Humans have been manufacturing glass since around 3,500 BC. Ancient civilisations used glass for making weapons and decorative objects.
Since then, glass-making processes have evolved into the high-tech industry that we know today, with multiple glass types and end uses. Demand from the glass industry currently accounts for c. 11 per cent of total annual industrial demand for platinum.
The crucial role of platinum
The exact composition of glass can vary depending upon the application, although all glass-making processes involve the melting of raw materials at extremely high temperatures, up to 1700°C.
Platinum, with its melting point of 1768°C and remarkable resistance to corrosion at high temperatures, is one of only a few materials that can withstand this melting process.
Due to this, it is used in the linings of vessels that contain, channel and form molten glass. It is also used to coat equipment such as ceramic stirrers and bowls that are used to mix the molten glass to ensure a consistent composition.
What is more, platinum is stable or ‘inert’. This means that it has a very low tendency to react with other substances. In high-quality glass production this is crucial, as it prevents cross-contamination during the manufacturing process, therefore minimising impurities and defects.
This is especially important for products like optical glass and liquid crystal display (LCD) screens, which are used in electronics such as smart phones, computers and flat-screen TVs.
Platinum contributes to the efficiency and cost-effectiveness of the glassmaking industry. It is not consumed during production and can be reused multiple times. It also extends equipment life, reduces downtime for maintenance and can lower a producer’s total energy requirements.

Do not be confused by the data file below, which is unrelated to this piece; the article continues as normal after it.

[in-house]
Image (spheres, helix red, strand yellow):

Sustainability as a growth driver
Increasingly, glass is helping to provide sustainable solutions in the automotive, construction and renewable energy sectors that are reducing the impact of climate change.
For example, usage of glass fibre-based materials is rising in the automotive industry. This strong, but lightweight, material is being adopted to reduce vehicle weight, helping automakers to meet fuel economy targets and tightening emissions standards across the world.
Fibreglass is also used in construction as an insulating material to reduce heat loss. The renewable energy sector relies on high-quality glass components for photo voltaic (solar) panels and high-quality fibreglass to make wind turbines.
Platinum demand from the glass sector has averaged c. 200 koz per annum over the last five years. As a result of renewable energy trends, glass-manufacturing capacity is forecast to increase, driving growth in platinum demand.
Platinum is an in-demand industrial commodity in glass making and beyond, and the breadth of its applications continues to grow. It is increasingly being recognised as an effective investment asset, delivering demonstrable diversification benefits in a private portfolio or pension plan.